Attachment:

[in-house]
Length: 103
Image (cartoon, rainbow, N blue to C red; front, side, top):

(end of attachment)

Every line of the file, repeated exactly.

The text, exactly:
[in-house]
Length: 103
Image (cartoon, rainbow, N blue to C red; front, side, top):